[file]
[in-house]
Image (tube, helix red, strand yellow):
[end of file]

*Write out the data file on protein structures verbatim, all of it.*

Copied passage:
[in-house]
Image (tube, helix red, strand yellow):